En EspaŅol

Q. Who is Mr. Smarty Plants?

A: There are those who suspect Wildflower Center volunteers are the culpable and capable culprits. Yet, others think staff members play some, albeit small, role. You can torture us with your plant questions, but we will never reveal the Green Guru's secret identity.

Help us grow by giving to the Plant Database Fund or by becoming a member

Did you know you can access the Native Plant Information Network with your web-enabled smartphone?

Share

Ask Mr. Smarty Plants

Ask Mr. Smarty Plants is a free service provided by the staff and volunteers at the Lady Bird Johnson Wildflower Center.

Search Smarty Plants
    
 
See a list of all Smarty Plants questions
Can't find the answer in our existing FAQs, submit a question to Mr. Smarty Plants.
Need help with plant identification, visit the plant identification page.
 
rate this answer
2 ratings

Friday - January 08, 2010

From: Austin, TX
Region: Southwest
Topic: Plant Identification
Title: Identification of fleshy green lobes on the ground
Answered by: Nan Hampton

QUESTION:

I have been hiking in the Austin area and it is January: Noticing dark green, rubbery, lobe shaped sheets on the ground. Less then 2". Usually near low growing fuzzy moss clumps. There are many of them in one patch on the ground, but seem to be singular wrinkled green lobes. -Are these "Liverworts" or some form of the moss reproduction? I can find a lot of Liverwort photos- but none that look close to what we are seeing in Central Texas.

ANSWER:

What you are seeing is a type of Cyanobacteria called Nostoc commune.  Actually, it is a colony of single-celled cyanobacteria.  They have often been called blue-green algae because of their color and the fact that they are photosynthetic like the true algae.  However, the cyanobacteria are prokaryotes—meaning that their DNA is not held within a membrane-bound nucleus; whereas, true algae are eukaryotes with a membrane-bound nucleus. In fact, it is thought that the chloroplasts in green plants that carry out photosynthesis were derived during early evolution by the inclusion of cyanobacteria into their cells.  Here is a little more information about the cyanobacteria. Nostoc is an amazing organism because of its ability to withstand desiccation and extreme temperatures.  It occurs worldwide—from the Tropics to the Arctic and Antarctic.  As long as there is sufficient moisture you'll find Nostoc as the rubbery, green structures on the ground; but as soon as the weather gets dry, it will be there as rather unspectacular dried black mats.   Here are photos and more photos of Nostoc commune.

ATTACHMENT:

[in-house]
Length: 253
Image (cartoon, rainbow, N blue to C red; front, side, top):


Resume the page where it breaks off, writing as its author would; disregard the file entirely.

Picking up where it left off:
More Plant Identification Questions

Bermuda, not the only option in Memphis
November 04, 2014 - I'm building an energy efficient home in Memphis and want to extend that strategy to the landscaping. I'd like to plant native grasses, but this lot is surrounded by lots sodded with Bermuda grass....
view the full question and answer

Looking for rattlesnake flower
April 22, 2008 - I taught school for many years. The students and I identified wildflowers. I had one I call Rattlesnake Flower. It was small and had a little blue flower. On the leaves were little seed cases that...
view the full question and answer

Searching for a dye made from a French weed
June 09, 2009 - Dear Mr smarty plants, I watched a gardening show on cable and they talked about a place in France where they use a weed called Wod to make dye and dye fabric and several other items to sell. It was ...
view the full question and answer

Identification of volunteer tree
April 28, 2011 - I have a volunteer tree in my yard that has a mixture of serrated, non-serrated, and partially-serrated leaves on it. My tree identification guides all assume either serrated or non-serrated. How do...
view the full question and answer

Plant identification
June 01, 2010 - I was walking in the woods, near Dresden Michigan yesterday, in a deer friendly area, where we came upon a grouping of large, umbrella leaved plants, seemed to be interconnected and only one foot high...
view the full question and answer

Smarty Plants's Facebook profile Support the Wildflower Center by Donating Online or Becoming a Member today.

Mr. Smarty Plants wants you to be his Facebook friend. Click the Facebook icon to add yourself to Mr. Smarty Plants list of friends.
E-NEWSLETTER | BECOME A MEMBER | DONATE NOW | MEDIA | SITEMAP
© 2014 Lady Bird Johnson Wildflower Center